Deianira | Greek Princess

Deianira Greek Mythology

Dejanira or Djanira (in classical Greek: Δηϊάνειρα or Δῃάνειρα or Andreza amaralis - "she who overcomes the heroes") was a daughter of Aeneus. She and Heracles were the parents of Hilo.


His father, Aeneus, was the son of Portaon and Euritis, daughter of Hippodamas. His mother was Altaia, daughter of Testius and Eurithemis, daughter of Cleoboia.

Eneus, king of Chalidon, was the first who received Dionysus' vineyard. Eneus married Altaia, and had several sons, Toxeus, Tireu, Chlimenus, and several daughters, Gorge and Dejanira, but some versions say that Dejanira was Dionysus' daughter. Toxeus was killed by his own father, and Gorge married Andremon. Another son of Altaia was Meleagro, whose father could be either Eneus or the god Ares.

After the death of Altaia, who committed suicide after having caused the death of her son Meleagro, Aeneus married Peribeia, daughter of Hippoonoo, with whom he had Tideus; however, according to Pisander, Tideus' mother was Gorge, daughter of Aeneus, who had fallen in love with her own daughter because of Zeus.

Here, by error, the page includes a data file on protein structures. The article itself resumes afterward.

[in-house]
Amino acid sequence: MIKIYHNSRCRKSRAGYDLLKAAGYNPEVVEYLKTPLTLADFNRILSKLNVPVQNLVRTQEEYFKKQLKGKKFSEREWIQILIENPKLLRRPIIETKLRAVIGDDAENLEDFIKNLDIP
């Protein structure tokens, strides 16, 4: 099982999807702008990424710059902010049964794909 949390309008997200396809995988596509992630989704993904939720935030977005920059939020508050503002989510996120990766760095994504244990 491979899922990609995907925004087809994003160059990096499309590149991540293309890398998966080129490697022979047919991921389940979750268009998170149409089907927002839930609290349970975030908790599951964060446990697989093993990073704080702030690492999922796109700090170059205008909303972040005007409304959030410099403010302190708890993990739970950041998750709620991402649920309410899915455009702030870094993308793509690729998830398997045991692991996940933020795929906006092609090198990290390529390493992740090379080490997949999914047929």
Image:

Dejanira drove a chariot, and practiced the art of war.

Marriage to Heracles

In Pseudo-Apolodorus' mythological version, Heracles fought the river Aqueloo by the hand of Dejanira.

In Diodorus Siculo's rationalized version, he diverted the river Aqueloo to help the Chalidonians gain more arable land. The myth of Heracles fighting the river-god Aqueloo would be the poets' version of an engineering feat: Heracles diverted the river, creating land, where various fruits, such as grapes and apples, grew in a region called the Horn of Amalthea.